A Year in Hell by Ray Pezzoli, Jr.


Ray Pezzoli, Jr., the author of A Year in Hell: A Memoir of an Army Foot Soldier Turned Reporter in Vietnam:  1965-1966 (McFarland, 263 pp., $19.99, paper), spent his time as a reporter trying, he tells us, to take “the Great Vietnamese War Photo” with the wrong camera and the wrong film—and with no training as a photographer. He also spent that time participating in as many 1st Infantry Division combat activities as he could.

The title tells us how Pezzoli–who died in 2014—served in Vietnam and when. In his Preface he defends President George W. Bush’s National Guard service, and when Pezzoli uses the word “liberal,” he uses it with disdain.

“Contrary to popular thought, America won,” he writes in his memoir, which was published originally in 2006, “losing only one half of one percent of their soldiers, stimulating the demise of communism throughout the world and devising the best Army in the world through its expertise there.” He refers to Vietnamese prostitutes as “strumpets” and labels the way he held his cigarettes in photos from that time as “fruity.” He was smoking up to four packs a day.

Aside from “strumpets” and “fruity,” Pezzoli uses plenty of references found in most American Vietnam War memoirs: John Wayne, body counts, “Oriental” rather than “Asian,” Good Morning, Vietnam, Jane Fonda,  Bob Hope, cowboys and Indians, friendly fire, antiwar protesters, being short, C-rats. And how the media never showed Americans all the good things the infantry did in Vietnam such as feeding orphans.

Pezzoli blames Oliver Stone and his films for giving the general public the notion that the troops in Vietnam talked dirty. He says that he only heard “foul language” in Vietnam once.


The author

He offers old rants about Jane Fonda, but his are even more anachronistic than most. Her antiwar activism, including the visit to Hanoi, took place in the early seventies. But somehow Pezzoli channels her into his mid-sixties tour of duty when she was a sexpot alien in the movie Barbarella and a popular pin-up in Vietnam.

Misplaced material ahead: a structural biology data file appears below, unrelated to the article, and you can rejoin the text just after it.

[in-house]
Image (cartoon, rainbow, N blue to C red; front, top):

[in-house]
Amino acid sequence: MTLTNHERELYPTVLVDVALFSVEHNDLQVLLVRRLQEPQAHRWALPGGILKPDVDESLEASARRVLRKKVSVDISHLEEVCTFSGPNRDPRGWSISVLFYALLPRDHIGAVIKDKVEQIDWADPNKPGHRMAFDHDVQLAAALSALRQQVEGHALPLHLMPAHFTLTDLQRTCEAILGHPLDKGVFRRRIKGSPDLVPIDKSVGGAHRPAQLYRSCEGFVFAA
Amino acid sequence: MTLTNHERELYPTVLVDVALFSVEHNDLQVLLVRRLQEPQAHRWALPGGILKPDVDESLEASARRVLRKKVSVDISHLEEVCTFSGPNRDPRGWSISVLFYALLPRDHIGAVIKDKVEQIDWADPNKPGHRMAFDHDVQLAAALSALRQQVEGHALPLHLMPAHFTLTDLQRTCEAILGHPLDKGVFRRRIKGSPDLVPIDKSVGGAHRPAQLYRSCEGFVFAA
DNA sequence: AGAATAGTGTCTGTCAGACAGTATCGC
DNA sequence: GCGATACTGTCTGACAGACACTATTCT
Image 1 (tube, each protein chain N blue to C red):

Pezzoli calls into question his invented quotations and conversations with his characters when he quotes a Maj. Weeks as saying in 1966: “Brigade was afraid Jane Fonda would complain if we don’t warn the enemy that we’re going to pay him a visit.” At no time was Jane Fonda running the Vietnam War, especially not then.

So what is Pezzoli’s intent? Is his book factual? Or is it a fantasy narrative of his faulty memories of the war? My conclusion is that his narrative is not to be trusted.

When he has a beautifully described incident of friendly fire, can I trust that?  And his countless visits to whorehouses, and all his scenes of religious worship?  And his story of his buddy dying in his poncho and bleeding out in it so that Pezzoli becomes soaked in the blood and suffers from hypothermia? What is truth? What is fiction?

I could go on, but I’ve given the prospective reader plenty to allow an intelligent decision about this detailed but sketchy book.

—David Willson